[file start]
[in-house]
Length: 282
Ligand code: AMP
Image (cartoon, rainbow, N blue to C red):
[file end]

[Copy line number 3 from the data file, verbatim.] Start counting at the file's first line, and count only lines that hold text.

Ligand code: AMP